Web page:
Vicente Amigo has done it again. When his year 2000 Ciudad de las Ideas [BMG 74321 78495-2] eventually became re-released as City of Ideas, it won a Latin Grammy. Then came 2003 and Canto with El Pele, one of the most intense male Flamenco vocalist albums ever committed to polycarbonate [Ariola 82876559282]. A collaboration on Sting's Sacred Love followed as did multiple world tours. 2005 now sees the return of this world-class guitarist to the recording studio for his 5th album [1993 brought us De Mi Corazon al Aire on SDI, followed by Vivencias Imaginadas in 1996 on Sony and the symphonic Poeta a year later again on Sony].
This year's long-awaited album Un Momento en el Sonida | A Moment in Sound is every bit as stunning as its Grammy-winning predecessor. With it, this amazing guitarist from Cordoba continues a Flamenco legacy that seamlessly crosses over into a commercially viable hybrid while maintaining the very highest standards of musicianship. That's a razor's edge to walk and here is once again flawlessly navigated by a crack team of collaborators who include Tino di Geraldo on percussion and singers El Potito, Antonio Villar and Blas Córdoba.
While the traditional Flamenco forms of bulerías, soleá, farruca, taranta, tangos, rumba, zapateado and bolero are in felicitous attendance, their presentation is ultra modern. In the ravishing bolero dedicated to Vicente's younger son Marcos for example -- the counter gesture to "Bolero de Vicente" on Ciudad dedicated to his other son -- Ariel Herández enters on a bandoneon for a bit of distilled Uruguayan tango flavor, taking the place of the harmonica in the last album.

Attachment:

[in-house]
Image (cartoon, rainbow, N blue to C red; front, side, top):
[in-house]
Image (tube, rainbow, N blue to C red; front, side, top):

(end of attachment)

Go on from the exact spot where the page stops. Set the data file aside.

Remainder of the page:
Discovered in hindsight as already hinted at by the immaculate album cover of painter José Luis Muñoz, Un Momento attends to the finest of details. In fierce defiance to the tradition of filler -- musically empty tracks that add content to a short stack of good material to make a complete album and feed the label pipeline -- there isn't a single ill-considered note on the entire album. The high standards set by the opening rumba "Demipati" continue unbroken to the very end, a rearranged (not remixed) bonus track of the central "Bolero a Marcos" with voluptuous string orchestra.
This album is the golden harvest of five years of intense traveling and playing. Each of its 10 generous track takes us on a journey flavored with different emotions - dreamy, fiery, rebellious, celebratory, romantic, playful. This parlays what one imagines is an artist at the peak of his powers retreating into the relative solitude of the recording studio to distill dormant ideas and impressions gathered from so many encounters and pour them forth into one perfect moment in sound. Make no mistake, this is a very serious Flamenco album. But unlike Canto with its truly incendiary lead singer going way deep into the Blues like a Howling Wolf to speak to the aficionados of the style, Un Momento requires no prior familiarity with the art of Flamenco to be appreciated by music lovers regardless of nationality and background. This is world music for the 21st century. Executed as perfectly as Michelangelo's Sistine Chapel or Shah Jahan's Taj Mahal, Un Momento en el Sonido is a masterpiece, one for the ages that will be mentioned when historians collect the 10 most important albums to describe a particular musical strand or stylistic archetype. This one will be used to articulate and then define global flamenco which none of the presently working guitarists seems better positioned to pioneer than Vicente Amigo.